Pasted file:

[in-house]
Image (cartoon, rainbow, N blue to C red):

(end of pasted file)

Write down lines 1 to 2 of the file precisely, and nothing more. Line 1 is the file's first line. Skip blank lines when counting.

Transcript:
[in-house]
Image (cartoon, rainbow, N blue to C red):